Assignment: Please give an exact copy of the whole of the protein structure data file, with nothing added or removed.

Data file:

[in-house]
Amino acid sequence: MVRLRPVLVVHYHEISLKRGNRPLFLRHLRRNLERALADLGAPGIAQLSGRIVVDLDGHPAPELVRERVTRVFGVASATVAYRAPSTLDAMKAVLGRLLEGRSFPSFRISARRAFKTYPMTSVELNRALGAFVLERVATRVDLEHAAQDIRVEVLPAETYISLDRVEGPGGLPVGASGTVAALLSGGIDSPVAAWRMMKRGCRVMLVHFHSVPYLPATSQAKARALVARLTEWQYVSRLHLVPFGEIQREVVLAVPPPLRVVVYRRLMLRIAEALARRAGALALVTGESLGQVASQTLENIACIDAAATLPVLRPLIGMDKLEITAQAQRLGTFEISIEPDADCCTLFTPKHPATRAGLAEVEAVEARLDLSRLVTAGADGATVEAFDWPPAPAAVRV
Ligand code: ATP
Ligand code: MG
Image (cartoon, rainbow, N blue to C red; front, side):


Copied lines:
[in-house]
Amino acid sequence: MVRLRPVLVVHYHEISLKRGNRPLFLRHLRRNLERALADLGAPGIAQLSGRIVVDLDGHPAPELVRERVTRVFGVASATVAYRAPSTLDAMKAVLGRLLEGRSFPSFRISARRAFKTYPMTSVELNRALGAFVLERVATRVDLEHAAQDIRVEVLPAETYISLDRVEGPGGLPVGASGTVAALLSGGIDSPVAAWRMMKRGCRVMLVHFHSVPYLPATSQAKARALVARLTEWQYVSRLHLVPFGEIQREVVLAVPPPLRVVVYRRLMLRIAEALARRAGALALVTGESLGQVASQTLENIACIDAAATLPVLRPLIGMDKLEITAQAQRLGTFEISIEPDADCCTLFTPKHPATRAGLAEVEAVEARLDLSRLVTAGADGATVEAFDWPPAPAAVRV
Ligand code: ATP
Ligand code: MG
Image (cartoon, rainbow, N blue to C red; front, side):